The famous Feria del Caballo, Jerez’s Horse Fair is also this month. In Madrid they host the world’s largest bullfight festival plus plenty cultural events and parties throughout the month of May, as Madrileños celebrate San Isidro, the Patron Saint of the capital.
June: On the evening of June 23rd, to celebrate the summer solstice, people flock to the beaches, light bonfires, and party until dawn. The Hogueras de San Juan (midsummer bonfires and fireworks) are celebrated in the south of Spain, especially Alicante.
A little known festival is La Romería del Rocio which is a pilgrimage of up to a million people who travel on foot or by horse and carriage to the shrine of the Virgin at El Rocio in Huelva. This is a Fiesta celebrated all over the country but most notably in Toledo and Seville. In Granada you will find the International Festival of Music and Dance.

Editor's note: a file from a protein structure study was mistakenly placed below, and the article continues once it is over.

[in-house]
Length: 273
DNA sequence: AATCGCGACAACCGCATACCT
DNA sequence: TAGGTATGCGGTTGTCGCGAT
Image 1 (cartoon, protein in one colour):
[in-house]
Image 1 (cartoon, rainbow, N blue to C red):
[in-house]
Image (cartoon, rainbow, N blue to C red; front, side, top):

The Hogueras de San Juan (midsummer bonfires and fireworks) are celebrated in the south of Spain, especially Alicante. At the end of May the annual Sonar Festival which takes in music and art, takes place in Barcelona which attracts huge crowds.
July: The Festival de Cordoba is an International guitar festival which takes place in the gardens of the Alcazar. In Pamplona the famous San Fermin (running of the bulls) takes place which always begins on 7th July and lasts for a week. In San Sebastian you can see some of the top jazz performers at its annual San Sebastian Jazz Festival.